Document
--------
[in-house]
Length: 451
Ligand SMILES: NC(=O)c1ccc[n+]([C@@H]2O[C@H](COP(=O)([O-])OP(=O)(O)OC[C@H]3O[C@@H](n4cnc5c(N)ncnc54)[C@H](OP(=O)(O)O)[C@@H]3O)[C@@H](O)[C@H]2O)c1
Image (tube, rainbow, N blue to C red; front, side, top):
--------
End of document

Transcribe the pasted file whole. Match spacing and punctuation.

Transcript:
[in-house]
Length: 451
Ligand SMILES: NC(=O)c1ccc[n+]([C@@H]2O[C@H](COP(=O)([O-])OP(=O)(O)OC[C@H]3O[C@@H](n4cnc5c(N)ncnc54)[C@H](OP(=O)(O)O)[C@@H]3O)[C@@H](O)[C@H]2O)c1
Image (tube, rainbow, N blue to C red; front, side, top):